Tourism Roadmap To Net Zero

As COP26 heads to its conclusion with, hopefully, some meaningful and impactful agreements, the World Travel & Tourism Council (WTTC) has launched its Net Zero Roadmap for the global industry.

Main picture solar panels credit Jeremy Bezanger on Unsplash

The roadmap was developed in collaboration with the UN Environment Programme (UNEP), the UN Framework Convention on Climate Change (UNFCCC), and Accenture.

“I am delighted to announce our pioneering Net Zero Roadmap for Travel & Tourism. It helps travel industries reach individual targets to reduce their carbon footprint.

“Many destinations are affected by the impacts of climate change with rising sea levels, deforestation and the loss of animal and plant species. Communities that rely on tourism are first in line to see the impact and want to do something about it.

“The Travel & Tourism sector is taking this opportunity to be a catalyst for change. We have a responsibility towards our people and planet.

“It is absolutely critical that the private and public sector work collectively to achieve the Paris Agreement and prevent the global rise in temperatures.

“Our sector can be part of the change that is urgently required to mitigate impacts and adapt to the threats posed by climate change.”

Julia Simpson, WTTC president and CEO

The Roadmap, developed in close consultation with key representatives of the global Travel & Tourism sector, highlights the current status quo and provides ambitious industry milestones
for meaningful climate action and emissions reduction. It offers a realistic and pragmatic overview of the roadblocks and how we can decarbonise to achieve a net zero future and ultimately protect our beautiful world to help address the most pressing global challenge of our times.

Climate conversations and efforts in the Travel & Tourism sector reached a turning point in the last few years, with more and more governments, businesses, civil society organisations and destinations, setting clear, tangible and increasingly ambitious commitments, while
working to accelerate the shift towards a net zero future for the sector. This shift is important for several reasons:

  • Accounting for over 10% of global GDP and supporting more than one in ten jobs worldwide in 2019, the Travel & Tourism sector has been a key global driver of economic prosperity and employment opportunities for decades. In many countries around the world, tourism presents one of the most important sources of economic income. What’s more, given the extent and complexity of the Travel & Tourism value chain and its strong interlinkages with other industries, the sector has both a responsibility and significant potential to be a catalyst for profound system change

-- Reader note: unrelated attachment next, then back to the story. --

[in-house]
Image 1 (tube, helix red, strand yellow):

• While the expected return to growth of the sector in the aftermath of COVID-19 will require an even greater acceleration of decarbonisation and other mitigation efforts, Travel & Tourism will also have to adapt to and prepare for the unavoidable, negative effects of climate change that have already been impacting the sector worldwide. These impacts include extreme weather events, coastal erosion, biodiversity loss, destruction of infrastructure and property, disruption to cultural and natural heritage, as well as increasing stress on basic natural resources, among others – all of which are essential to safeguard the health of both hosts and guests, and thus the competitiveness of tourism overall.
  • Tourism demand is sensitive to negative economic, environmental, and social impacts, resulting in tourism-dependent businesses, communities, livelihoods being increasingly vulnerable to the threat of climate change. In this context, it is essential that the Travel & Tourism sector intensifies its efforts to fight climate change by exploring all available pathways towards net zero with strong, tangible commitments and actions that accelerate change within and beyond the sector’s boundaries. Both business climate commitments and cross-sectoral Travel & Tourism initiatives that bring together a wide variety of tourism stakeholders and aim to translate signature commitments into real actions will be key. Current joint efforts in Travel & Tourism include Tourism Declares a Climate Emergency and the Glasgow Declaration on Climate Action for Tourism, while at an individual business level, as of October 2021, a total of 34 Travel & Tourism businesses joined the SBTi (of which 38% are WTTC members) and 39 businesses are officially in the Race to Zero (of which 18% are WTTC members).
WTTC Net Zero Roadmap